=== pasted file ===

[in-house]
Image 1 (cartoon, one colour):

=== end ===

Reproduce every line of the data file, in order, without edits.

[in-house]
Image 1 (cartoon, one colour):